We are delighted to have this beautiful recipe from Skye McAlpine to share with you on our ninth day of our Christmas countdown.
Extract taken from A Table for Friends: The Art of Cooking for Two or Twenty by Skye McAlpine (£26, Bloomsbury)
Photography © Skye McAlpine
This is my mother’s recipe and I’ve made it every year for the better part of my life, first with my mother as a child, now with my elder son Aeneas. It is a rich cake, and while the brandy, fruit, nuts and glace fruits on top mean it can work out as rather costly, Christmas feels like the one time of year when extravagance is de rigueur. Each winter, I make several of these to give as gifts: you can bake them a couple of months before Christmas, then wrap, uniced and undecorated, in foil until you are ready to gift (or eat) them. Just add the marzipan and fruits before boxing the cake up; it will then keep for a couple of weeks. A note on glace fruits: these can be tricky (and expensive) to buy in the UK. I’ve found online is the best bet: I’ve been buying a selection of baby pears, figs, peaches, apricots and orange slices from a small producer called Country Products for years and have found them to be excellent. In the absence of whole glace fruits, decorate the cakes with a mix of dried apricots, figs, nuts and glace cherries (all of which you can easily buy in supermarkets), then paint with a thick glaze of shimmering apricot jam for a simpler, more rustic-looking – but still charming and festive – cake.
30 mins preparation, 24–48 hours soaking, 4½ hours baking, 4 hours cooling
For the cake
glace cherries, halved
salted butter, plus extra for the tin
dark muscovado sugar
A large pinch
of fine sea salt
of glace fruits and nuts, such as glace pears, plums, orange slices, cherries, pecans and walnuts
Put the glace cherries, peel, currants, raisins and sultanas in a large bowl, pour over the brandy, cover and leave to steep for 24 – 48 hours. The longer you leave the fruit, the more flavour and moisture it will give to the cake.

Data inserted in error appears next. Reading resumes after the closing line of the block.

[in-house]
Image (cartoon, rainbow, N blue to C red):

When you are ready to make the cake, heat the oven to 140˚C/fan 120˚C/Gas 1. Butter and double-line a 23cm round cake tin, then cut a circle of greaseproof paper the same size as the base of the tin and set aside.
Beat together the butter and sugar until they become paler and fluffy, then add the treacle and beat until smooth. Crack each egg at a time into a small bowl, beat lightly with a fork, then add to the mixture, little by little, and beat until well combined.
Now sift in the spices, flour and salt and mix with a wooden spoon until well combined. Finally, add the fruit and any remaining soaking liquid and mix well together.
Spoon the batter into the prepared tin and gently even out the top with the back of the spoon. Cover with the circle of greaseproof paper and set it on the bottom shelf of the oven to bake for 4½ hours. The cake is cooked when a skewer inserted into the centre comes out clean. Cover with a clean tea towel and leave to cool in its tin. You can make the cake up to this point months in advance if you like, and store wrapped in foil.
To decorate the cake, roll the marzipan out into a sheet roughly as thick as a ￡1 coin. Cut out a circle of marzipan the same diameter as the cake. Spoon the jam into a small saucepan, add the measured water and set over a medium heat until it begins to bubble lightly. Use a pastry brush to glaze the top of the cake, then carefully lay the circle of marzipan over.
Brush the glaze over the marzipan and, while it is still tacky, stick on glace fruits and nuts, arranging them as you like. I usually do this in concentric circles, with nuts on the outside and a collection of cherries, whole orange slices and a couple of tiny sugared pears and a plum half or so at the centre.
Finally, use what is left of the apricot jam to glaze the nuts and fruits, to give them a lovely shine. The cake will keep happily like this for 2 – 3 weeks.